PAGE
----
Recto liable for alleged ‘secret meeting’ with tobacco firms
MANILA, Philippines - Senator Ralph Recto should be liable for violating ethical standards for government officials if reports are true that he had a “secret meeting” with tobacco companies, higher sin tax advocates said.
In a statement, Action for Economic Reform coordinator Filomeno Sta. Ana III said: “Sen. Recto must be made to answer why he should not be charged for violating the ethical standards for government officials. The Liberal Party, of which Recto is a member, should also warn him to stay in line with the President’s ‘daang matuwid.’”
Several columnists wrote last week that they supposedly received information from sources that Recto had closed-door sessions with tobacco industry officials.
Recto, who heads the committee on ways and means at the Senate, presented on Wednesday his version restructuring the sin tax measure.
He said the new tax regime on cigarettes could yield between P9.8 billion to P14.8 billion in additional revenues, while alcohol would contribute by as much as P5.2 billion to P7 billion in the first year or in 2013.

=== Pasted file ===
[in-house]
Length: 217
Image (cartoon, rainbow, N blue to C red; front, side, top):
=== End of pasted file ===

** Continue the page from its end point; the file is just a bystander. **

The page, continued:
Stakeholders, including the Palace, are not happy with the so-called “watered down” version, however.
Recto already came out with a statement that the so-called secret meetings are not true. He said all his meetings are done in his office.
Some are not easily dissuaded, however.
“Issues discussed in the meeting should be made public. Why were the executives sworn to secrecy? The meeting and its secrecy is high irregular given that Recto was working on his version on the sin tax bill,” Sta. Ana stressed.
He said Recto is a member of the Senate, which ratified in 2005 the World Health Organization Framework Convention on Tobacco Control. Article 5 of the agreement provides that parties should protect public health policies related to tobacco control “from commercial and other vested interests of the tobacco industry in accordance with national law.”
Sta. Ana also cited the Memorandum Circular No. 2010-01 between the Civil Service Commission and the Department of Health. The memorandum prohibits public officials and employees from, among other things, unnecessary interaction with the tobacco industry, preferential treatment to the tobacco industry, acceptance of favors from the industry and conflicts of interest with the industry.
He also cited the Code of Conduct and Ethical Standards for Governments Officials and Employees. The law exhorts officials to uphold public interest.